You and what mob?

Apathy is Boring’s Ilona Dougherty wrote this before election day, so now it seems prescient.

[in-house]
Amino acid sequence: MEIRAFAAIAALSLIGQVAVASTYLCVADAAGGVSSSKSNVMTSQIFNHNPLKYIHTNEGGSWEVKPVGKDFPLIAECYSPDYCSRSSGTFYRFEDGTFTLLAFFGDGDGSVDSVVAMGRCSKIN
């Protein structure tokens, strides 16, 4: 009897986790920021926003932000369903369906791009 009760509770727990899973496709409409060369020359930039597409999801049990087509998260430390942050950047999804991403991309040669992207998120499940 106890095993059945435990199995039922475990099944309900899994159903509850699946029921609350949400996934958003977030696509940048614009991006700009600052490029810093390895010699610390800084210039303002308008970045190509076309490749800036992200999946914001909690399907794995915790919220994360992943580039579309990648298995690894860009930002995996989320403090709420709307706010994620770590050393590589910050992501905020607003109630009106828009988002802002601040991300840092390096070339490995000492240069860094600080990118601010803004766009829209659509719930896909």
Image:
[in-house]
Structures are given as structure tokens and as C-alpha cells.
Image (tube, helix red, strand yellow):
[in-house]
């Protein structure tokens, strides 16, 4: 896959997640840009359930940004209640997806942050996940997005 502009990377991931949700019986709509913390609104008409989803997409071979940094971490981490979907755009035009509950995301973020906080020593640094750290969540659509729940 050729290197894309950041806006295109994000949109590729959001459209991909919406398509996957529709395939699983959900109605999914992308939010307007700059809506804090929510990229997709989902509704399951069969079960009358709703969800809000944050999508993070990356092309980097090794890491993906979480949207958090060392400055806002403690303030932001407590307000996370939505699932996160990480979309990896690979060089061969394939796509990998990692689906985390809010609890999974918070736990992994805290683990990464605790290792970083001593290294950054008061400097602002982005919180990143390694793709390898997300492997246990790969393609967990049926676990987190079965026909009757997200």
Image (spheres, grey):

Why are young Canadians today casting ballots at approximately half the rate they did in the 1960s? The answer is surprisingly simple: because we aren’t asking them to vote. There is conclusive evidence showing that nothing is more effective at mobilizing voters than personal contact. Simply knocking on doors increases voter turnout between seven and 10 percentage points, and this is true among youth, as well. This type of on-the-ground, face-to-face mobilization played a decisive role in the victories of U.S. President Barack Obama in 2008 and Calgary Mayor Naheed Nenshi in 2010 … Unfortunately, vote mobs aren’t mobilizing new voters either. Watch a vote mob video, and you’ll see hundreds of politically engaged students putting their activism on display. Meanwhile, thousands of youth are missing from the camera frame – the students who are busy studying in the library, or the young people who don’t attend a college or university. Those are the unengaged youth of my generation. They didn’t take part in vote mobs, and they’re not likely to turn out on May 2.

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